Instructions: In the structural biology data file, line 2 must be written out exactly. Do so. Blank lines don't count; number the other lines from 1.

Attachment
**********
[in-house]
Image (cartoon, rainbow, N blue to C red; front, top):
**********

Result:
Image (cartoon, rainbow, N blue to C red; front, top):